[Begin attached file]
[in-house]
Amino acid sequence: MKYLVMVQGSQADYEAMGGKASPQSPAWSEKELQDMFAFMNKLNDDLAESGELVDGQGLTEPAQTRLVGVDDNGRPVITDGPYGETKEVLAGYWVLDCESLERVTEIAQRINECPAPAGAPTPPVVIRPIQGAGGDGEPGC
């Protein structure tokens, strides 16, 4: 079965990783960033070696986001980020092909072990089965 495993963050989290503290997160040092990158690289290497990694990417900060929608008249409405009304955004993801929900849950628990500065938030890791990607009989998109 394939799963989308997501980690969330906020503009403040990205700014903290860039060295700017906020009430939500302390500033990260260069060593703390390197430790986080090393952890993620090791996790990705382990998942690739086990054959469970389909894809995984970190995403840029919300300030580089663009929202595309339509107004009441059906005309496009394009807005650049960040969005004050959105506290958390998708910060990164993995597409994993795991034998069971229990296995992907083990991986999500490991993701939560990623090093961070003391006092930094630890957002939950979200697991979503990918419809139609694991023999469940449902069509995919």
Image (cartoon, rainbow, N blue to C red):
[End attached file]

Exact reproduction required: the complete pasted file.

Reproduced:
[in-house]
Amino acid sequence: MKYLVMVQGSQADYEAMGGKASPQSPAWSEKELQDMFAFMNKLNDDLAESGELVDGQGLTEPAQTRLVGVDDNGRPVITDGPYGETKEVLAGYWVLDCESLERVTEIAQRINECPAPAGAPTPPVVIRPIQGAGGDGEPGC
């Protein structure tokens, strides 16, 4: 079965990783960033070696986001980020092909072990089965 495993963050989290503290997160040092990158690289290497990694990417900060929608008249409405009304955004993801929900849950628990500065938030890791990607009989998109 394939799963989308997501980690969330906020503009403040990205700014903290860039060295700017906020009430939500302390500033990260260069060593703390390197430790986080090393952890993620090791996790990705382990998942690739086990054959469970389909894809995984970190995403840029919300300030580089663009929202595309339509107004009441059906005309496009394009807005650049960040969005004050959105506290958390998708910060990164993995597409994993795991034998069971229990296995992907083990991986999500490991993701939560990623090093961070003391006092930094630890957002939950979200697991979503990918419809139609694991023999469940449902069509995919």
Image (cartoon, rainbow, N blue to C red):